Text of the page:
About UH Mānoa Campus’ Ahu

 What is an Ahu?

This brief description is created to help people understand the cultural significance of ahu on our campus, their history and legacy tied to important historical events, and how they should be treated.

Ahu is a Hawaiian altar, shrine, or cairn utilized for spiritual and ceremonial purposes in both the past and the present.  Usually small and of varied forms, these stone structures were constructed using Hawaiian dry stack stone masonry techniques. Ahu over 50 years old are considered historical properties and may be protected under state and federal historic preservation laws.  These structures, whether intact or disturbed, represent a record of the past, and are still used by native Hawaiians today. Modern ahu are considered as authentic as the ancient structures, being part of a living Hawaiian culture that still continues today.  Ahu are often the focal points of ceremonies honoring Hawaiian spirituality and ancestral spirits.

As sensitive cultural sites, all ahu must be handled with care, respect, and dignity. Protocols include:

  1. Identify the kahu (steward) of the site before engaging in any activities there. They can help to advise or facilitate appropriate cultural protocol and offerings.
  2. Treat the site with respect by maintaining positive attitudes, thoughts, and conservations. It is important to treat religious sites with a degree of reverence.
  3. Do not sit or walk on the sites.  These actions are disrespectful and could damage the structures.  Animals should be kept a safe distance.
  4. Do not take, move or disturb items on the ahu.  The items placed on the ahu are usually offerings left there by people that have conducted cultural protocols.  It’s the duty of the kahu to clean the site and maintain it, and decide what items should be removed and when.
  5. Avoid taking, moving, or disturbing items on the ahu.  The items placed on the ahu are usually offerings left there by people that have conducted cultural protocol.  It’s the duty of the kahu to clean the site and maintain it, and decide what items should be removed and when.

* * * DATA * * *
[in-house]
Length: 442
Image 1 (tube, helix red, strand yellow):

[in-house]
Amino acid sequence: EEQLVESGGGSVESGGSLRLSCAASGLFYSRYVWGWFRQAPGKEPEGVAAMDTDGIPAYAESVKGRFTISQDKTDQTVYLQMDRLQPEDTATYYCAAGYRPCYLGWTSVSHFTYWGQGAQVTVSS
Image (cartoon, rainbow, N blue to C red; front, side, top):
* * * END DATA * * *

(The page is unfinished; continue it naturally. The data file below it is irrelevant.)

By Dr. Kekuewa  Kikiloi, Kamakakūokalani Center for Hawaiian Studies, Hawaiʻinuiākea School of Hawaiian Knowledge

The ahu can be found on the UHM Cultural Landscape map.

Ke Ahu ʻo Kamakaʻeha

Ke Ahu ʻo Kamakaʻeha is named for Queen Liliʻuokalani, was built on September 5, 2000, to celebrate the 162nd birthday of Hawaiʻi’s last ruling monarch and her commitment to her people, the loyal citizens who vowed to protect the Kingdom of Hawaiʻi.
Onipaʻa!
Stand firm!
HRM Queen Lydia Liliʻuokalani Kamakaʻeha

Ke Ahu ʻo Kamakaʻeha Photo credit Kahanuola Tabor

Ke Ahu ʻo Kamakaʻeha Photo credit Kahanuola Tabor

Photo credit Kahanuola Tabor

Ke Ahu ʻo Kamakaʻeha Photo credit Kahanuola Tabor

Photo credit Kahanuola Tabor

Ke Ahu ʻo Kamakaʻeha Photo credit Kahanuola Tabor

 

Ahu on Wise Field

In spring 2015 hundreds of community members gathered to build this ahu (altar). Children and adults brought rocks to Ka Papa Lo‘i ‘O Kānewai and formed a human chain to transport the rocks here. At high noon, a ceremony sanctified this ahu, mirrored at the same time by ceremonies throughout the islands and across the world. The unified call was a request to ancestors and higher powers to protect Maunakea.  Feel free to give a respectful offering at this ahu or otherwise please keep your distance as to not disturb this sacred space.

Ahu on Wise Field 1

Ahu on Wise Field Photo credit Kahanuola Tabor

Photo credit Kahanuola Tabor

Ahu on Wise Field Photo credit Kahanuola Tabor

Photo credit Kahanuola Tabor

Ahu on Wise Field Photo credit Kahanuola Tabor

 

Ahu in Bachman Courtyard

This ahu sits in the courtyard of Bachman Hall to engage UH leadership in protocol, reminding the university to fulfill their kuleana to Kānaka Maoli, to protect Hāloa (kalo) from genetic modification, and to support the mission of sustainability. Hawaiian charter schools, community members, and students gathered rocks from across the islands, many from loʻi kalo. Each corner of the courtyard represents four major akua (gods) planted with mea kanu Hawaiʻi: niu – Kū, ʻuala – Lono, kalo – Kāne, and maiʻa – Kanaloa. Feel free to give a respectful offering at this ahu or otherwise please keep your distance so as to not disturb this sacred space.

Bachman Courtyard Ahu Photo credit Kahanuola Tabor

Bachman Courtyard Ahu Photo credit Kahanuola Tabor

 

 

 

 

 

Bachman Courtyard Ahu

Bachman Courtyard Ahu Photo credit Kahanuola Tabor